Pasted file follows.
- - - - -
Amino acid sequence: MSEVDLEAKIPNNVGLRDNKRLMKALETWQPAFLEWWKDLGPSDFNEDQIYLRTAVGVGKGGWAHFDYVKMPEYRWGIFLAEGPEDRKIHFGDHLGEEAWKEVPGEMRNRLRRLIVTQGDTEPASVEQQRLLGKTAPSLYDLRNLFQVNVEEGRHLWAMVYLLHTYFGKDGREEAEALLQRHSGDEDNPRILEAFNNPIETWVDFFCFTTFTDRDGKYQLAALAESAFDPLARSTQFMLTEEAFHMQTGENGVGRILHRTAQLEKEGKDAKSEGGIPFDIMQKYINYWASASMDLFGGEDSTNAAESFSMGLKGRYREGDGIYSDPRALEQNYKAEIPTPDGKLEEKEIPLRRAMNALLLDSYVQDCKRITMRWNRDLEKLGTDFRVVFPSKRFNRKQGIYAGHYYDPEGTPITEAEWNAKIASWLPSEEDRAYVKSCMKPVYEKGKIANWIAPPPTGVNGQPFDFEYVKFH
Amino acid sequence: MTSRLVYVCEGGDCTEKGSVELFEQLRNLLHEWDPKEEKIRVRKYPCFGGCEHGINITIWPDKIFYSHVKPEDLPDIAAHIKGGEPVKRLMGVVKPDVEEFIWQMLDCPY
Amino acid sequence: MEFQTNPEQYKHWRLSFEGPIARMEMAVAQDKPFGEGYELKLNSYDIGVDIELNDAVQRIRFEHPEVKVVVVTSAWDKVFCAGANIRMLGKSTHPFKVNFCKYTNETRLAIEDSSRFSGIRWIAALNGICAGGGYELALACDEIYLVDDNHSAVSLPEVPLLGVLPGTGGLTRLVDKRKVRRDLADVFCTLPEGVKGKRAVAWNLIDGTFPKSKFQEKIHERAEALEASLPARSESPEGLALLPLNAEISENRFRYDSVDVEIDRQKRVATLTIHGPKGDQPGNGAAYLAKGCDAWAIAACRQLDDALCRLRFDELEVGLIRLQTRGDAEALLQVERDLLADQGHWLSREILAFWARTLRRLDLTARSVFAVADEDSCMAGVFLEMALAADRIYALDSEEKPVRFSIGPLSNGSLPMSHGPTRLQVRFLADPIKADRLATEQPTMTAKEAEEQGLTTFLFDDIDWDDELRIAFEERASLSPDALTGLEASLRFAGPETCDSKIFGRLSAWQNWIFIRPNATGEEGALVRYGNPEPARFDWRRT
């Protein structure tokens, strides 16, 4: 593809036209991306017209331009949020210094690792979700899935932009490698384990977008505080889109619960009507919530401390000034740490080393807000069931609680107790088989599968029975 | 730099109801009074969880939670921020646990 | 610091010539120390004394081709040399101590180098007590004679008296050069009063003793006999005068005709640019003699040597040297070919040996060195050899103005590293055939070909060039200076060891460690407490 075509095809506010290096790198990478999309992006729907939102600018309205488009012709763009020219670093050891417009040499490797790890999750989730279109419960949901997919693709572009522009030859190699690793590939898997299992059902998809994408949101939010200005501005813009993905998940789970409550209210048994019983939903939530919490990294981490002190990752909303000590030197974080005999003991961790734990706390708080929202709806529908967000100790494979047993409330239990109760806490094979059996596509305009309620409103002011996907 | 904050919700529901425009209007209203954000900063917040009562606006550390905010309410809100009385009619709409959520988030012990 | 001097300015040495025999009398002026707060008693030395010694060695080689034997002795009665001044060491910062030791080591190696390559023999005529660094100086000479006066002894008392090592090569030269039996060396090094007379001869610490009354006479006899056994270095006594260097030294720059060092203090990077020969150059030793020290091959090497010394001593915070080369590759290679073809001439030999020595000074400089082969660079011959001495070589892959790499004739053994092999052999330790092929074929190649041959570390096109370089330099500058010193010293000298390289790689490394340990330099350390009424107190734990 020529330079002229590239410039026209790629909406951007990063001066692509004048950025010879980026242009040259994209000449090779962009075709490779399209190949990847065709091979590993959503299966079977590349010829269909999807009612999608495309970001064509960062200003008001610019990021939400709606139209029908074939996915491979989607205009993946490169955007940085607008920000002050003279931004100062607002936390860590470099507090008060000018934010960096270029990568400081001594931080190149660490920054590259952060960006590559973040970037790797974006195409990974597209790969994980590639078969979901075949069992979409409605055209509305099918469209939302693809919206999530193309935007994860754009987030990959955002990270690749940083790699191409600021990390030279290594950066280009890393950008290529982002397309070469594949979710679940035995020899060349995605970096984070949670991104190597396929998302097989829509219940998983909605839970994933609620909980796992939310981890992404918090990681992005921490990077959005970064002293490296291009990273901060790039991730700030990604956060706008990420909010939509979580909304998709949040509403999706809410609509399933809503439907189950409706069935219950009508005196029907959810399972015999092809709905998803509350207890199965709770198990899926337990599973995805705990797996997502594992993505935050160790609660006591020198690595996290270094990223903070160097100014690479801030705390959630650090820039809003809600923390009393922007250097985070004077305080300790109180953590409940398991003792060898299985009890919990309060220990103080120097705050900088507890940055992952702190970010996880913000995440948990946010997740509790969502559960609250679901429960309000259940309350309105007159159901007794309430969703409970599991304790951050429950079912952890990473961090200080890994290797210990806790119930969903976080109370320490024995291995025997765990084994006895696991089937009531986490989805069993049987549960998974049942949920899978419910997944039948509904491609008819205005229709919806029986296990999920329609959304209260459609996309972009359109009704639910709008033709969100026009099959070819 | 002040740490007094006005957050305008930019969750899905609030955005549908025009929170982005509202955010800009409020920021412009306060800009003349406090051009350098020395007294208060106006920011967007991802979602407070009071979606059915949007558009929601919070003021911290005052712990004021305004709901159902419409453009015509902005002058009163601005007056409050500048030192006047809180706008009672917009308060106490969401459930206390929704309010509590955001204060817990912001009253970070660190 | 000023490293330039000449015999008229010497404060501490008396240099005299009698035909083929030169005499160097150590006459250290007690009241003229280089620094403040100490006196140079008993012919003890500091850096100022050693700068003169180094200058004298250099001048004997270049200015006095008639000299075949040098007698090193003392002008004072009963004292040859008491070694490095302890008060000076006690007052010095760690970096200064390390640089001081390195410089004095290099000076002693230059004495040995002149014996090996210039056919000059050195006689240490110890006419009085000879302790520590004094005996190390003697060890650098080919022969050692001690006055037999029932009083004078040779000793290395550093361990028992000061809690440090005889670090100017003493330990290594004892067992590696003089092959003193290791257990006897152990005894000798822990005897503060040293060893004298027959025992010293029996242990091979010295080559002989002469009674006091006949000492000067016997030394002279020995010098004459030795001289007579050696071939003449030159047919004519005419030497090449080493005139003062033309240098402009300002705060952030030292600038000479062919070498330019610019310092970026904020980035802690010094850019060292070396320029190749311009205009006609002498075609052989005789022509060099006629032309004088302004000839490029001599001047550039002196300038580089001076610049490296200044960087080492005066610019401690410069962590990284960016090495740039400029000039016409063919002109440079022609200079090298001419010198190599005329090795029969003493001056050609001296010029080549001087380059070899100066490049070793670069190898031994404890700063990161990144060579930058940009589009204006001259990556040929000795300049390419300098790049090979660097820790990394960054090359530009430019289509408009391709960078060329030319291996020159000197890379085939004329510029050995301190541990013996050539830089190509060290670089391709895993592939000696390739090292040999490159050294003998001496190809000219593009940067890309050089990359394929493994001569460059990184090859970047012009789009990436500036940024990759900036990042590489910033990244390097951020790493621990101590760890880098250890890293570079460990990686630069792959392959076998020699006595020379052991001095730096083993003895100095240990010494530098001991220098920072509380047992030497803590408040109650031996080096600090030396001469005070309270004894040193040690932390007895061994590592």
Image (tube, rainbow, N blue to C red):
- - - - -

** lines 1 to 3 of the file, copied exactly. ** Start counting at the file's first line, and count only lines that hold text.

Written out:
Amino acid sequence: MSEVDLEAKIPNNVGLRDNKRLMKALETWQPAFLEWWKDLGPSDFNEDQIYLRTAVGVGKGGWAHFDYVKMPEYRWGIFLAEGPEDRKIHFGDHLGEEAWKEVPGEMRNRLRRLIVTQGDTEPASVEQQRLLGKTAPSLYDLRNLFQVNVEEGRHLWAMVYLLHTYFGKDGREEAEALLQRHSGDEDNPRILEAFNNPIETWVDFFCFTTFTDRDGKYQLAALAESAFDPLARSTQFMLTEEAFHMQTGENGVGRILHRTAQLEKEGKDAKSEGGIPFDIMQKYINYWASASMDLFGGEDSTNAAESFSMGLKGRYREGDGIYSDPRALEQNYKAEIPTPDGKLEEKEIPLRRAMNALLLDSYVQDCKRITMRWNRDLEKLGTDFRVVFPSKRFNRKQGIYAGHYYDPEGTPITEAEWNAKIASWLPSEEDRAYVKSCMKPVYEKGKIANWIAPPPTGVNGQPFDFEYVKFH
Amino acid sequence: MTSRLVYVCEGGDCTEKGSVELFEQLRNLLHEWDPKEEKIRVRKYPCFGGCEHGINITIWPDKIFYSHVKPEDLPDIAAHIKGGEPVKRLMGVVKPDVEEFIWQMLDCPY
Amino acid sequence: MEFQTNPEQYKHWRLSFEGPIARMEMAVAQDKPFGEGYELKLNSYDIGVDIELNDAVQRIRFEHPEVKVVVVTSAWDKVFCAGANIRMLGKSTHPFKVNFCKYTNETRLAIEDSSRFSGIRWIAALNGICAGGGYELALACDEIYLVDDNHSAVSLPEVPLLGVLPGTGGLTRLVDKRKVRRDLADVFCTLPEGVKGKRAVAWNLIDGTFPKSKFQEKIHERAEALEASLPARSESPEGLALLPLNAEISENRFRYDSVDVEIDRQKRVATLTIHGPKGDQPGNGAAYLAKGCDAWAIAACRQLDDALCRLRFDELEVGLIRLQTRGDAEALLQVERDLLADQGHWLSREILAFWARTLRRLDLTARSVFAVADEDSCMAGVFLEMALAADRIYALDSEEKPVRFSIGPLSNGSLPMSHGPTRLQVRFLADPIKADRLATEQPTMTAKEAEEQGLTTFLFDDIDWDDELRIAFEERASLSPDALTGLEASLRFAGPETCDSKIFGRLSAWQNWIFIRPNATGEEGALVRYGNPEPARFDWRRT